By Preeti Kumari
Budget is the policy plan made every financial year, to be implemented. It can be called as the fuel put to run India’s growth story. We all remember 2014 elections and the majestic way in which present government came into power. What was the main catch of the whole electoral process- from campaign to voting? For me it was the conviction to bring change, to implement new reforms.
So, now when this government is going to present its 3rd budget, we bring in few ideas that can be worked upon (for the sake of us – the ‘innocent” children).
Government as the “angel” investors:
We had a big event “Startup India” organized to boost the growing entrepreneurial environment in the country. Great effort! Tax holidays, tax exemptions and many such policies made their way in the event along with a very motivational speech by Prime Minister Modi. But I wonder if we really want to make a revolutionary change, will this be enough? Don’t we need something more (think hard)? Then, how about government investing in the startups?
Yes, this might seem impossible for the government to invest in “n-number” of startups shooting every day. But don’t worry as this is not what we expect.
There is a need to formulate a policy that helps in filtering the best from the league. Then the government can make an initial investment in the startups in the exchange of a treaty that these companies will push forward the cause of various social schemes (like Swachh Bharat Abhiyan; Beti Bachao, Beti Padhao).
This can be like government investing in the social sector startups. The money (some share) used by MUDRA bank in giving out loans can be diverted for investing in potential ideas. Also, the 10,000 crore fund allotted for startups need to be released and can be used for this.
The major problem for startups is funding and it can be solved to a large extent by this. Now, to you this must look similar to “public-private partnership” but let me point out a basic difference in what we are suggesting. PPP involves government to be a long term/full term partner but here they can play the role of angel investors. A two-way pact can be formed through this. The startups will get their (most critical) initial investment and the government will not be required to hire a task force to run their programs.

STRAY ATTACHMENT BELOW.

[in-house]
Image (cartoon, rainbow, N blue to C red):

Example- A startup is being formed for making dustbins with free wifi for some time. You use the dustbin and get free wifi.
This has many advantages-
- Social entrepreneurship-This step by the government – investing in startups with high social value – will promote social entrepreneurship.
- This can also be used to promote women entrepreneurship.
- It will help in value creation by creating an ecosystem in the country that promotes growth and job creation in turn helping the government.
- It will also increase their tax base as a greater economic activity is profitable for both citizens and the government.
- And the most advantageous thing is that it will reduce the workload from government’s hand (this would definitely *mitigate* the risk of trusting the politicians). As the government will help in creating social platforms that work for the social schemes. The burden of running schemes will be shared by both.
Undeniably, it is a risky venture for the government. But if they manage their finances well this can be possible. They need to reduce the leakage from the system in the form of unwanted subsidies, ill-structured programs, and corruption (the most tedious task for politicians- to keep their hands off the money).
It’s time we actually start walking towards making India self-reliant in substantial steps.
To many I must be talking gibberish. But the government can viably consider sharing the risk. When the crises happen, the big billionaires are bailed out by the government through fundraiser events- “income tax collection”. It is done to maintain the value creation by these companies. Similarly, at this point in time, making the youth of the country self-reliable is one of the needs of the hour.
So, now the ball is in government’s court and we can hope (the only thing we poor people can do) that they will be able to make some change.
Image Credits: Google